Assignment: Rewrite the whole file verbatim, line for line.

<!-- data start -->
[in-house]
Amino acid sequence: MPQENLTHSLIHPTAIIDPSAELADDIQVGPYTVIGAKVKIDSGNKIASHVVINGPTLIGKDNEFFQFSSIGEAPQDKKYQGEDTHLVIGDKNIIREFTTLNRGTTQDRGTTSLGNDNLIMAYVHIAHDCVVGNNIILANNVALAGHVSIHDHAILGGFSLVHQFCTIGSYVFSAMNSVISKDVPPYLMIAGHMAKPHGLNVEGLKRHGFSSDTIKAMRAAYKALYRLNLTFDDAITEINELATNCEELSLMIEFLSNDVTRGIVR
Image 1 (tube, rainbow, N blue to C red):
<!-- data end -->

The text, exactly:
[in-house]
Amino acid sequence: MPQENLTHSLIHPTAIIDPSAELADDIQVGPYTVIGAKVKIDSGNKIASHVVINGPTLIGKDNEFFQFSSIGEAPQDKKYQGEDTHLVIGDKNIIREFTTLNRGTTQDRGTTSLGNDNLIMAYVHIAHDCVVGNNIILANNVALAGHVSIHDHAILGGFSLVHQFCTIGSYVFSAMNSVISKDVPPYLMIAGHMAKPHGLNVEGLKRHGFSSDTIKAMRAAYKALYRLNLTFDDAITEINELATNCEELSLMIEFLSNDVTRGIVR
Image 1 (tube, rainbow, N blue to C red):